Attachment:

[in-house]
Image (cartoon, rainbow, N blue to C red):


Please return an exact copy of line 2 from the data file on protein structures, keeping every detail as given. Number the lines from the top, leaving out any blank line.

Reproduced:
Image (cartoon, rainbow, N blue to C red):